What the Tragedy in El Paso is Really About and How You Can Help

The tragedies in El Paso and Dayton, Ohio last weekend were horrible. I was almost left without words. It’s taken a few days to process everything. It brought me back to the impotence I felt when nothing happened after Sandy Hook, or after Parkland. Things have been escalating, every day we see it. The Occupant in the White House fuels hateful rhetoric, and people who hate have become emboldened and empowered by his words. Of course, if the “Commander in Chief” is spewing hateful rhetoric and talking about shooting people on Fifth Avenue without repercussions, why wouldn’t the white supremacists be emboldened? After all,  there IS a white supremacist (actually, probably more than one) in the White House.

Image by S. Hermann & F. Richter from Pixabay

But, the domestic terrorism that occurred in El Paso is particularly disturbing because of what it represents. A man went out of his way to kill Hispanic people, because he doesn’t want Brown people to take over, so says his manifesto. This shows us a few things. First, how sorry is your life that you actually have time to travel so far away to do something like this? Second, the education system is really failing us. Because, if you know your American history, you know that Texas was part of Mexico before being the Lone Star State and becoming part of the United States. As a matter of fact, there are MANY states that were Mexican before becoming part of the United States. As Eva Longoria says, “we didn’t cross the border, the border crossed us.” 

What I want everyone to understand is this: This isn’t an attack on Mexicans or Mexican Americans. This is an attack on all Latinos. Because when 45 came down that escalator and said that Mexicans were rapists and criminals, he really wasn’t ONLY talking about Mexicans. He was talking about ALL of us, no matter the nationality. When he says that our country is being “infested” he means it is browner than he’d like, and there are way too many of us for his liking. This isn’t simply an attack against Mexicans, Mexican Americans. We must not be fooled. This is an attack on anyone who doesn’t look like a WASP. He wants to take us out, like he would take out an infestation of cockroaches.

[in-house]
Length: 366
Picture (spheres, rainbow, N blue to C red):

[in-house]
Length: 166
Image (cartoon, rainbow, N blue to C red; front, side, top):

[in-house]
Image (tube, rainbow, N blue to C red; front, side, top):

I recently read a Twitter feed by Adrian Carrasquillo. It was heartbreaking. People describing how they feel being Latino and being targeted, people fearing for their lives and the lives of their loved ones. 

What can we do? 

It’s easy to feel hopeless and powerless. It’s easy to feel defeated. But we must NOT. We must continue. Even if we must take a few days or however long to step away to recharge, we must not lose hope. For our kids, for the future, we must remain hopeful. 

Here are some things you can do to not fall into hopelessness and inaction: 


View this post on Instagram


Now more than ever, we need everyone to know: WE HAVE RIGHTS. Share our #KnowYourRights guides in English, Español, ‎Português, Kreyòl Ayisyen, اردو, Tagalog, 中文, 한글

A post shared by ACLU (@aclu_nationwide) on


It isn’t enough to say “I’m not a racist.” You have to be proactively ANTI-RACIST. You have to show up. These ARE NOT NORMAL times. Nothing that is happening is normal. 

I’d like to leave you with this quote, and below, I’ve updated it for our times. Please please use your voice to speak out for the most vulnerable, even if you’re not one of them. 


First they came for the socialists, and I did not speak out—

     Because I was not a socialist.

Then they came for the trade unionists, and I did not speak out—
     Because I was not a trade unionist.

Then they came for the Jews, and I did not speak out—
     Because I was not a Jew.

Then they came for me—and there was no one left to speak for me.


FIRST THEY CAME FOR THE MEXICANS, and I didn’t speak out because I was not Mexican. 

Then they came for the Muslims, and I didn’t speak out because I wasn’t Muslim.

Then they came for the undocumented immigrants, and I didn’t speak out, because I wasn’t undocumented.

Then they came for the poor people, and I didn’t speak out, because I’m not poor.

Then they came for the women of color, and I didn’t speak out because I’m not a person of color. 

Then the came for me, and there was no one left to speak for me. 


Diana Limongi
Diana a mom, activist, nonprofit professional, podcaster and writer from Queens, NY. She writes about motherhood, activism, raising my multilingual kids, culture and travel. She and her multicultural family live in Queens, NY.

Leave a Response

This site uses Akismet to reduce spam. Learn how your comment data is processed.